Divine Mercy and Compassion

The gospel today is Luke’s account of the blind man on the roadside who cries out: “Jesus, son of David, have pity on me.”  The underlying word is eléos – I don’t know why they translate it as “pity” – the meaning is “to show mercy,” indicating a response roused by an undeserved affliction in others. It denotes a kindness resulting from a relationship. 

In our penitential rite we pray “Kyrie Eleison.” Lord have mercy. Eléos is the mercy that the Good Samaritan shows to the wounded, robbed person he had never met. Eléos is the word used to describe the Hebrew hesed – the mercy of God, divine mercy. In its original use, mercy/hesed/eléos was associated with requests of essential, vital help which the person is unable to attain by themselves. The one to whom the request is addressed is able to assist and must make the free moral choice to commit – not the action – but to the person in need – the willingness to enter into a relationship. Such is divine mercy, divine compassion – it is fundamentally about relationships.

A relationship of mercy that is so much more than pity. Allowing some poetic license …there is no pity in God …there is only merciful compassion. A mercy which forgives – not because we are good, but because God is good. A mercy which loves – because God is good. A mercy which is not limited, not a scarce resource, but a mercy which is infinite – a fountain fullness, overflowing of grace into our world, into our lives.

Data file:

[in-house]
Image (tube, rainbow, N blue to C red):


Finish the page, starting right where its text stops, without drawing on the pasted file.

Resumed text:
The suffering, troubled and poor of Prince William County, our state, our nation and our world do not need our pity. They need the divine, merciful compassion Jesus bestows on Bartimeus. In this time and place, we are the conduits of that Divine Mercy and Compassion into this world.

Image Credit: BibleProject.com, Public Domain

A little more…

Please take a moment to watch this wonderful 5-minute video on the Compassion of God from the good folks at BibleProject.com. While the above reflection focused on the Greek of the New Testament, this video looks at the Hebrew Scriptures to explore the Divine Mercy and Compassion of God. It begins with a description of the character of God expressed in Exodus 34:6 in which rakhum, “compassion” is the first attribute given – a word related to the Hebrew word for “womb,” rekhem conveying the deep love of mother for child.

Describing God

God describes himself in Exodus 34:6-7. In this passage, the first word God uses to describe himself is compassionate, or in Hebrew, rakhum. This word has fascinating connections in the Hebrew Bible and is actually related to the Hebrew word for “womb.” God’s compassion is active and nurturing and at the core of who he is.

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The Lord Provides: compassion

fish-and-loavesThe miraculous feeding of the a very large number of people in the wilderness is one miracle that is told in each of the four canonical gospels. Despite the consistency of the narrative there are, in every age, those who reject the miraculous (Jesus inspired the people to share) or dismiss the narrative as apocryphal – or at best an altered memory of a large feast that imaged the coming banquet of the Kingdom. Keener (403) points out that nothing would be more memorable than a feeding miracle, especially in the context of the culture of their day. Keener offers four points: Continue reading